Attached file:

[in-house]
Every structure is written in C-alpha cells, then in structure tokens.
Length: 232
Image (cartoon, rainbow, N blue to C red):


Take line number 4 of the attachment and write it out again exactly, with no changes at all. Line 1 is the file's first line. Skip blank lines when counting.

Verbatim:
Image (cartoon, rainbow, N blue to C red):